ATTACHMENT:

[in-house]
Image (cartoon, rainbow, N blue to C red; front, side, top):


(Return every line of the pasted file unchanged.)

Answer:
[in-house]
Image (cartoon, rainbow, N blue to C red; front, side, top):